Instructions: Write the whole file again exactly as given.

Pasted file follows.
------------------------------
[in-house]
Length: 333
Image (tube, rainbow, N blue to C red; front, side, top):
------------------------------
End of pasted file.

[in-house]
Length: 333
Image (tube, rainbow, N blue to C red; front, side, top):